Brotherhood in Combat: How African Americans Found Equality in Korea and Vietnam

Image of Brotherhood in Combat: How African Americans Found Equality in Korea and Vietnam
Release Date: 
March 22, 2018
University of Oklahoma Press
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The service of African-Americans in the armed forces of the United States should be well realized by everyone by now. From the Revolutionary War to the present, they have sacrificed for their country in spite of being denied those rights for much of that period which the rest of our citizenry has taken for granted. Their primary reason for serving has been the idea that military service would be the quickest way to prove themselves worthy of all the benefits of citizenship.

However, and unfortunately, this has not turned out to be the case, and it has been a long row to hoe. Long considered as unreliable or untrustworthy, they were relegated to menial labor and support work, digging latrines, building barracks, roads, and the like. When employed in combat, they were just as likely to be blamed for failure by their white officers and higher chain of command or to go unrecognized for any success.

Adding insult to injury, they were many times inferiorly housed (segregated), fed and paid at a lower rate than their white counterparts, and subject to the racial prejudices of their officers, particularly when it came to promotions, awards, and decorations. They were also last hired when manpower needs dictated and first fired when it came to disbanding their units when their services were no longer required and demobilization was necessary.

Having proved themselves, they believed, from the Civil War through World War II, the equality they sought was not attained. It was only after the latter conflict that progress was made through the lobbying of Eleanor Roosevelt, executive orders by President Harry Truman, and the urging of others that the military, a notoriously conservative establishment, began to provide any measure of equal treatment, especially when budgetary requirements were considered.

Consequently, the integration of the armed services found considerable advancement during the Korean War in spite of ongoing prejudice and racism. Indeed, many white soldiers found that they had no problem serving alongside blacks in the crucible of combat where one expects one’s buddies to have their back and vice versa.

That crucible of combat, where survival is utmost, melded the races to the point where one generally did not notice the skin color of the man next to one and unit cohesion was primary in fighting the enemy. That was progress one could see. However, later in the Vietnam War, there was less of this to be seen once opposition to the draft and wartime manpower needs got in high gear. Problems remained as a result.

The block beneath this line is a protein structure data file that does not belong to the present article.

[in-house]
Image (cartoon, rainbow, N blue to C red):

By the time of Vietnam though, integration in the military was largely complete. Yet continued social unrest at home and lack of progress on equality there (the height of the Civil Rights movement) led to additional troubles in the ranks in opposition to continued perceived racism, prejudice, and the fact of fighting for a country which still did not provide the same benefits and opportunities to all.

If there is any consolation, most of the problems in Vietnam tended to be in the rear areas and support bases where illicit drugs, alcohol, boredom, and down time virtually encouraged trouble. There were even problems onboard Navy ships in theater, brigs, and stockades where overcrowding and widely varying courts martial and judicial consequences were experienced.

In any event, it was difficult overall for the United States military to make additional progress on equality when there was no such thing at home at the same time that Communist propaganda, in each conflict, was making the same point in an attempt to foment dissension in ranks. Hopefully, we have learned our lesson, and there is a united front in our armed forces.

Although there are no photographs or maps included, there are two tables. One lists statistics on captured personnel in Korea and the other shows the troop buildup in Vietnam over the years. Strangely, neither provides any breakdown in terms of race but were apparently included for general informational purposes for each conflict.

There are traditional footnote citations, and the bibliography shows research in many government archives and publications and primary and secondary sources such as books, theses, dissertations, papers, and articles.

Equality must always be considered a work in progress in this country given its history. However, it is gratifying to see that, finally, at least our military is coming around to the perspective that soldiers should be just that when bullets do not recognize or differentiate skin color.